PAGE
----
American Enterprise Online | 3.9.05
The American Enterprise | April/May 2005
By Alan W. Dowd
Bending to pressures inside his tenuous coalition government, Canadian Prime Minister Paul Martin has announced that his country will not contribute resources to the nascent US missile defense system. After pledging to “work in partnership with our southern neighbors on the common defense of North America,” Martin concedes that “ballistic-missile defense is not where we will concentrate our efforts.”
Critics of missile defense wonder if Canada’s decision will derail or at least hinder Washington's efforts to deploy a viable missile shield—and along the way undermine the foremost disciple of missile defense, President George W. Bush. But their wishful thinking isn’t likely to alter Bush’s plans. Although Canadian investment in the system would be welcomed in Washington, the missile-defense movement marches on. In fact, even as Ottawa sits on the sidelines, Bush is forging a truly international missile defense coalition (IMD).
Built around a strong transatlantic core, the IMD coalition includes Britain, which agreed in 2003 to software and hardware upgrades of existing ground-based radar stations at Fylingdales. Last August, Denmark approved similar upgrades at radar and satellite-tracking stations in Thule, Greenland. As then-Secretary of State Colin Powell explained at ceremonies announcing Denmark’s decision, “This is a way of providing protection to all of the civilized world—not just the United States, not just Greenland and not just Denmark.”
The Polish and Czech governments are negotiating with Washington on the deployment of new radar stations on their soil. The Poles have even expressed a willingness to open their territory to missile interceptors. According to the British newspaper The Guardian, the Pentagon has been surveying the mountains of southern Poland as a possible base for underground interceptor silos like those in Alaska and California. Other EU states are cooperating to varying degrees.
Japan and Australia serve as the coalition’s key pillars in the Pacific. Canberra’s IMD contribution includes monitoring and tracking stations in the deserts of central Australia. The Aussies have cemented their commitment to missile defense in the form of a 25-year deal with Washington.
After quietly cooperating with the US on missile defense since the late 1990s, when North Korea began brandishing its rockets, Japanese Prime Minister Junichiro Koizumi gave the go-ahead to begin constructing a layered missile-defense system in 2003. Last year, the Japanese military leaked a request for a 35-percent increase in missile-defense spending. Living within range of Kim Jong-Il’s arsenal has a way of focusing a nation’s priorities—at least some nations. After all, Canada also lies within North Korea’s deadly reach.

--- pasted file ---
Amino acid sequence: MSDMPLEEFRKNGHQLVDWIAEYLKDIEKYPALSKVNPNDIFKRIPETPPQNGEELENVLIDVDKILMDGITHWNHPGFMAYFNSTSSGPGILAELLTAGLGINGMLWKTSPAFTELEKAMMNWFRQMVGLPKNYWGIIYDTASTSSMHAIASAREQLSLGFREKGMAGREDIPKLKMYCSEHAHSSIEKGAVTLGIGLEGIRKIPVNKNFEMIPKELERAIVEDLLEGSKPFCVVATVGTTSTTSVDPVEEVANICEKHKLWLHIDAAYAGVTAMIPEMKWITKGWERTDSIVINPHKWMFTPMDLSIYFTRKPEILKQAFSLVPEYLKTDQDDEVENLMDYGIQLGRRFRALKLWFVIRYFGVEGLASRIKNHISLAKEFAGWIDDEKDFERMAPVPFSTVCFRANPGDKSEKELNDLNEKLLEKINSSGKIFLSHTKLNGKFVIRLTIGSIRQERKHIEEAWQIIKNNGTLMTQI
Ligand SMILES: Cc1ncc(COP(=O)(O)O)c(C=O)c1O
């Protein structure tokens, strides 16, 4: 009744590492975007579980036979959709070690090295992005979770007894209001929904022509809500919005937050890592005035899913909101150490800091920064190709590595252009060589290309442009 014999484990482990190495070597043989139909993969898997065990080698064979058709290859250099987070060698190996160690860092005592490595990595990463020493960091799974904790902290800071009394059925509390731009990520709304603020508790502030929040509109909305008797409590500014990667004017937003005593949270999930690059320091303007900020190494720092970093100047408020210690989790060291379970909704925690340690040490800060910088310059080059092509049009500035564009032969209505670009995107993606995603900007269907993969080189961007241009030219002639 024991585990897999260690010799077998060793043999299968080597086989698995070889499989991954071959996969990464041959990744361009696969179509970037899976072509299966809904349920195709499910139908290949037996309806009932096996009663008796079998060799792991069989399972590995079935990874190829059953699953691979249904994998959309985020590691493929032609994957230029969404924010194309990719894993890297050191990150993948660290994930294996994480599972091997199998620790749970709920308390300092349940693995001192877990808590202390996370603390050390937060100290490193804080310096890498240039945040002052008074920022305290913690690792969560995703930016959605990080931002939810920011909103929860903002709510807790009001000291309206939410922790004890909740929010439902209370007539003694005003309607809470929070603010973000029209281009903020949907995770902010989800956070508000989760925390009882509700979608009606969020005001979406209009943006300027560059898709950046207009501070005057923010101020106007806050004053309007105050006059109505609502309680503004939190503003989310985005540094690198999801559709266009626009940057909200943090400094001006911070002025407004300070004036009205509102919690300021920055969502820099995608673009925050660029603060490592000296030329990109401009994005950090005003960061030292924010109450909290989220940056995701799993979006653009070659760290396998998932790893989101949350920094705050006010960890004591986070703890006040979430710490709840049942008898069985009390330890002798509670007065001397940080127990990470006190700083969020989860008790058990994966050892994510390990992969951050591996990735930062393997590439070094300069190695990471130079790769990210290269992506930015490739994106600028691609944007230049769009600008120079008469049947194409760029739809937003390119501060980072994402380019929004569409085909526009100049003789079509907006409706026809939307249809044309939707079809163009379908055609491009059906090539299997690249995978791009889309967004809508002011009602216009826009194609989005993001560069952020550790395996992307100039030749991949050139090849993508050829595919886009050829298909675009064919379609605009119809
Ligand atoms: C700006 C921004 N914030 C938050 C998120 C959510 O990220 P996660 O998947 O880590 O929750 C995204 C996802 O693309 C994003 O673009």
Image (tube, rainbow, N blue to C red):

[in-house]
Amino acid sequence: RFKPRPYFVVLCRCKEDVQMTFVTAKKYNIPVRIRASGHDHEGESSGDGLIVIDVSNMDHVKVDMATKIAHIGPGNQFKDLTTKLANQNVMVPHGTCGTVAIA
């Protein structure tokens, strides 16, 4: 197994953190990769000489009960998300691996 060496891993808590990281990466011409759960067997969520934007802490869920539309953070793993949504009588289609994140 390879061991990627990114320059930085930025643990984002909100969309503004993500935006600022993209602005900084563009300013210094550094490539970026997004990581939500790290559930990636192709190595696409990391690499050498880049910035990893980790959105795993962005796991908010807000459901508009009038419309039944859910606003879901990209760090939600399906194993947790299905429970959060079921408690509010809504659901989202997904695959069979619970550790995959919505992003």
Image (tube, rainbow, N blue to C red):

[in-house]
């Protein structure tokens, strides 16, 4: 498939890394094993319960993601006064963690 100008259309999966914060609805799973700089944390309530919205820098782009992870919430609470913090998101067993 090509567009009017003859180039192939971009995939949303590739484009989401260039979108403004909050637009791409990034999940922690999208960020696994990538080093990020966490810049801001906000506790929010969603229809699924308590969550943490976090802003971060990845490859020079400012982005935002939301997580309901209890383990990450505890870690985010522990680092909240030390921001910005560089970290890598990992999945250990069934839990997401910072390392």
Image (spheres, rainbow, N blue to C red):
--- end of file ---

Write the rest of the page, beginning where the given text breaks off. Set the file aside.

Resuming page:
With Iranian missiles trained on Tel Aviv, Israel has deployed the Arrow anti-missile system, a product of US-Israeli technology and testing. India wants a place on the IMD team. And Russia has acquiesced to the US-backed system, making a virtue out of reality and necessity.
But Canada is staying out—sort of.
Although Martin said “no”—or non—to direct participation in missile defense, Ottawa authorized the use of NORAD’s capabilities to support the IMD system last August, which is what Washington arguably wanted most of all. As Canadian Ambassador Frank McKenna observed, Canada’s permission on NORAD means “We are part of [missile defense] now.”
Of course, given that NORAD is located in the side of a mountain in Colorado, and given that Americans pay somewhere around 90 percent of its costs, “permission” is probably the wrong word.
Some have asked if Martin’s decision means that Canada will be a free-rider when it comes to IMD. The short answer is yes. If North Korea lobs a missile at North America, the US system will seek to destroy it—with or without Ottawa’s pre-approval, and regardless of the missile’s intended target. In other words, the anti-missile assets that are being deployed in the United States and pacing the Pacific stand on guard for Canada as well as America.
Historically, Canada has not sought a free ride for its security or freedom. It pays to recall that some 60,000 Canadian troops died in World War I—out of a population of less than 8 million. Another 42,000 died liberating Europe in World War II. As former PM Brian Mulroney once observed, “If people want to know how Canada paid for its seat in Europe, they should check out the graves in Belgium and France.”
Canada dispatched troops to defend Korea at the beginning of the Cold War and to liberate Kuwait at the end. Historian Derek Leebaert recalls how Canada, “whose GDP was about a tenth of the United States,” shouldered a third of the cost of deploying the radar stations that guarded North America against Soviet bombers during the Cold War.
But that was a different time and perhaps a different Canada. Ottawa’s decision on missile defense is a sober reminder that America’s nearest ally is definitely no longer its closest ally.